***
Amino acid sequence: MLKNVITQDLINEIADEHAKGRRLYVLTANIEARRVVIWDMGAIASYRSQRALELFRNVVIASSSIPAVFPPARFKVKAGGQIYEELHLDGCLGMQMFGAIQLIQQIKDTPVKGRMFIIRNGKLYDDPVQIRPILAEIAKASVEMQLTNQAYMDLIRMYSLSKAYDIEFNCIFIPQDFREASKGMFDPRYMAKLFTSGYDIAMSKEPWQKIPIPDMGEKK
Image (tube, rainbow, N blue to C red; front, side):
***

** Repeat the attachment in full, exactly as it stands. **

Amino acid sequence: MLKNVITQDLINEIADEHAKGRRLYVLTANIEARRVVIWDMGAIASYRSQRALELFRNVVIASSSIPAVFPPARFKVKAGGQIYEELHLDGCLGMQMFGAIQLIQQIKDTPVKGRMFIIRNGKLYDDPVQIRPILAEIAKASVEMQLTNQAYMDLIRMYSLSKAYDIEFNCIFIPQDFREASKGMFDPRYMAKLFTSGYDIAMSKEPWQKIPIPDMGEKK
Image (tube, rainbow, N blue to C red; front, side):